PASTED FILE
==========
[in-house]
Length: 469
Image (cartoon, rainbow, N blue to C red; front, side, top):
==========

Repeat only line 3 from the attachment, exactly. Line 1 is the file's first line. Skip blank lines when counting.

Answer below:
Image (cartoon, rainbow, N blue to C red; front, side, top):